Experts from around the world will gather at Chapman University’s “Frozen Conflicts” Conference — the annual Global Citizens Conference presented by Chapman’s Center for Global Education — on Thursday, April 16 from 8:30 a.m. to 5 p.m. The conference will examine longstanding global conflicts that have evolved into de facto “cold wars,” with both sides eying each other warily as hostilities wax and wane. Experts on the conflicts in Ukraine-Moldova-Georgia, Armenia-Azerbaijan-Nagorno Karabakh, Ireland-Northern Ireland, the India-Pakistan dispute over Kashmir, and North Korea-South Korea are scheduled to participate on panels.
The conference — co-sponsored by Loyola Marymount University (LMU), the University of Southern California’s Center for International Studies and School of International Relations, the Los Angeles World Affairs Council and the Atlantic Council — will take place at Loyola Marymount University’s Conrad N. Hilton Center for Business in Los Angeles. Admission is free and open to the public. For more information, a full conference schedule, maps and directions, visit the conference website.
“In the world today, there are numerous simmering conflicts of neither overt hostilities nor resolution,” said James Coyle, Ph.D., director of Chapman’s Center for Global Education and conference organizer. “This conference will examine several of these controversies that have been ‘frozen’ in place, despite attempts, sometimes decades long, to bring closure to these armed standoffs. Clearly, something must change with the dispute resolution models that are being followed. We hope in the conference to discover commonalities among the conflicts, and explore new ideas to resolve them.”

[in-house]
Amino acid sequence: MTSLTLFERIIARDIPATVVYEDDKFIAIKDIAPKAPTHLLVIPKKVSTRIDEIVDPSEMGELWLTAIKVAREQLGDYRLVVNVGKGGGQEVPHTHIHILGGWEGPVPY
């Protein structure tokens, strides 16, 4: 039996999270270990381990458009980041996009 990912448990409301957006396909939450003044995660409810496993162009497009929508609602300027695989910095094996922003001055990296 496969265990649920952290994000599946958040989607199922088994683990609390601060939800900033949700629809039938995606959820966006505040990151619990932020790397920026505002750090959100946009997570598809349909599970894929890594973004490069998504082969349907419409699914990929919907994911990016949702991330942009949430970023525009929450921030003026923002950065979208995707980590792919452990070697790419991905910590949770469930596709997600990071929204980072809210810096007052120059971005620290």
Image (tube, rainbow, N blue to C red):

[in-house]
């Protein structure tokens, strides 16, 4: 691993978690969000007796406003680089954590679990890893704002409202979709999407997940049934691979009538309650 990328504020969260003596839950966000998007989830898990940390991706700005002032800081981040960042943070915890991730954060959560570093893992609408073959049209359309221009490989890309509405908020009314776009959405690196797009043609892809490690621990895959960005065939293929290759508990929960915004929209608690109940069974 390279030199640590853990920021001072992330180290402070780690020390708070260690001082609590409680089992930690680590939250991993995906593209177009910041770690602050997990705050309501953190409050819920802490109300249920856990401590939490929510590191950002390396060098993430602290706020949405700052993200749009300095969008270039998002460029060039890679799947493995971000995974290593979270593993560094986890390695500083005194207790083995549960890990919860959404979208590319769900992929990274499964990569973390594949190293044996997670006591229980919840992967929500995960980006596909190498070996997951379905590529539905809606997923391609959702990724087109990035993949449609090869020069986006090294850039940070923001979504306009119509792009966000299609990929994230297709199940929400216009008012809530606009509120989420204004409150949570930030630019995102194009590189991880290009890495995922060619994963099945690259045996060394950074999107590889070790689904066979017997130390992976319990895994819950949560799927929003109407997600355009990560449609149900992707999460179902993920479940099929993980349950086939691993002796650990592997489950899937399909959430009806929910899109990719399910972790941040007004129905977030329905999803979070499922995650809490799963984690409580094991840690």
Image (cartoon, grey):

Experts on the panels include Doris Barnett, a member of Germany’s Bundestag; Robert English, director of USC’s School of International Relations; Temuri Yakobashvili, Georgian Ambassador to the United States and former Georgian State Minister for Reintegration; Edward W. Walker, executive director of UC Berkeley’s Program in Eurasian and East European Studies; Oleksandr Chalyi, president of Grant Thornton (Ukraine); Stepan Grigoryan, chairman of the Analytical Center on Globalization and Regional Cooperation; Wenshan Jia, professor of communication theory and expert on intercultural and global communication at Chapman University; Asim Mollazade, chairman of the Democratic Reforms Party of Azerbaijan; Paul Arthur, interim director of the Peace Studies program at Chapman University and honorary professor of peace studies at the University of Ulster; David Koranyi, director of the Eurasian Energy Futures Initiative at the Atlantic Council and former Undersecretary of State to the Prime Minister of Hungary; Brenna Powell, associate director of the Stanford Center on International Conflict and Negotiation; Byron Bland, senior consultant for the Stanford Center on International Conflict and Negotiation and lecturer in law at Stanford University; Bharath Gopalaswamy, acting director of the South Asia Center at the Atlantic Council; Charlotte Kennedy, former Australian diplomat who spent three years serving in the Australian High Commission in Islamabad; Kathleen Stevens, former U.S. Ambassador to the Republic of Korea; Terry McCarthy, president and CEO of the Los Angeles World Affairs Council; Lynn Turk, retired U.S. Foreign Affairs officer who served in Korea and led the first-ever U.S. diplomatic delegation to North Korea; and Bruce Bennett, senior defense analyst at the RAND Corporation.